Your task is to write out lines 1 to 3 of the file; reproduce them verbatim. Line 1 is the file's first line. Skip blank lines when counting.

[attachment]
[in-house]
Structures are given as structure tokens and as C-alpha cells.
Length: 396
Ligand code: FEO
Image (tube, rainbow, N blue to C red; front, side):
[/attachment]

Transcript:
[in-house]
Structures are given as structure tokens and as C-alpha cells.
Length: 396